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New USGS Map Identifies Non-Native Aquatic Species Potentially Spread by Hurricane Isaias Floodwaters

The USGS has released the initial Flood and Storm Tracker (FaST) map for Hurricane Isaias, the Category 1 storm that swept up the mid-Atlantic coast last week.

A pile of invasive Zebra mussels
Once introduced to a new area, zebra mussels can quickly colonize pipes, reducing water supply to hydroelectric and nuclear power plants and other industrial facilities.

The innovative mapping tool, developed by members of the USGS Nonindigenous Aquatic Species (NAS) team along with USGS Wetland and Aquatic Research Center’s Advanced Application Team, helps natural resource managers track and manage the potential spread of non-native aquatic species into new water bodies due to storm-related flooding.

The FaST maps integrate information from USGS streamgages (Waterservices and Waterwatch) and records of non-native species sightings from the USGS NAS database to predict storm-related flood conditions inside watersheds and identify non-native aquatic species that are established and those that have the potential to disperse into new areas due to flooding impacts.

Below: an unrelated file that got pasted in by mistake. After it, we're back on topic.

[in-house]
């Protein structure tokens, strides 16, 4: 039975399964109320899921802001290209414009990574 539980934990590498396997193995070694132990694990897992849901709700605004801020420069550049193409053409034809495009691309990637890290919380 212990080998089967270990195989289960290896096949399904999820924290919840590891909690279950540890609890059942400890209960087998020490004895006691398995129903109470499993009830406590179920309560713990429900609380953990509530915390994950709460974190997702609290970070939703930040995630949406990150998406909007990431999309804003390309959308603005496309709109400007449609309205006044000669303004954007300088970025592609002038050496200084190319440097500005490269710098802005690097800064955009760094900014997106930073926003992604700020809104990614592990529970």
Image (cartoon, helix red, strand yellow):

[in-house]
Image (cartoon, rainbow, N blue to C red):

If introduced to a new area, non-native species could potentially disrupt the environment, choking waterways or preying on native aquatic species, and once established, they’re difficult to eradicate. The FaST maps are easily accessible, informative, and provide the most up-to-date information to resource managers about potential new invasions and act as an additional tool for early detection and rapid response (EDRR) systems.

The initial FaST map for Hurricane Isaias indicates 114 non-native aquatic species may have been spread into new water bodies by the storm’s floodwaters. In the coming weeks, the maps will be revised to incorporate more data, including hydrologic connections and elevation divides.

For more information, please visit:

Hurricane Isaias (2020) Flood and Storm Tracker (FaST) Map for Zebra Mussels
The initial FaST map displays areas where zebra mussels are known to exist and where they may have been spread by Hurricane Isaias-related flooding. (Map provided by the USGS NAS)


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